‘Twas the night before Christmas…

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‘Twas the night before Christmas… 

So begins the first line of the famous poem by Clement Clarke Moore which has delighted generations of children and adults since it was first published in December 1823.  I still can’t hear the poem even today, without feeling that sense of excitment and anticipation I felt as a child waiting for Santa Claus on Christmas Eve. While I am not waiting for a visit from Santa anymore, a sense of anticipation still fills my heart each Christmas Eve. It is my favourite part of the Christmas season – that magical sense of anticipation when all the presents lie under the twinkling tree, the cupboards are stocked, the turkey is wedged into the fridge waiting to become the centre-piece of the table tomorrow, the Christmas candle is lighting in the front window (an Irish tradition, serving as a symbol of welcome to Mary and Joseph who sought shelter in vain on that first Christmas Eve) and we walk home from Midnight Mass, our breaths visible in the cold, crisp, night air.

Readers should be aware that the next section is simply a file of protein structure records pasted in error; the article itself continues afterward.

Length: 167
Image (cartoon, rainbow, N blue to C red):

While I am far away from home this year and I still miss my mother very much, I am also aware how lucky I am to have had this as my Christmas experience for so many years. I know it is not everyone’s experience. For the homeless, the sick, the lonely, the bereaved, Christmas is a sad, lonely time, which is why I am so taken with the words of the African-American theologian and philosopher, Howard Thurman about the true meaning of Christmas:

When the song of the angels is stilled, When the star in the sky is gone, When the kings and princes are home, When the shepherds are back with their flock, The work of Christmas begins: To find the lost, To heal the broken, To feed the hungry, To release the prisoner, To rebuild the nations, To bring peace among others, To make music in the heart.

Freed of its consumerist and materialistic surroundings, Christmas can become an opportunity for welcoming  the message of hope for us that comes from the mystery of Christ’s birth. And if the story of the Nativity is not your personal belief, Thurman’s message can still be one that inspires us to reach out in human solidarity to those in need.

Whatever your personal belief, Christmas is a universal celebration, a feast of love and friendship. So today on this Christmas Eve, I want to take the time to celebrate the friendship and support I have found with you, my loyal, regular readers, many of whom, have become dear friends, and wish you all a peaceful, happy and joy-filled Christmas.  And when all our celebrations are done, let’s work together, to be a light in the darkness for those who need it, to heal the broken, to reach out to others, and above all to make music in our hearts.

Christmas is not a time nor season, but a state of mind. To cherish peace and goodwill, to be plenteous in mercy, is to have the real spirit of Christmas ~ Calvin Coolidge

Merry Christmas!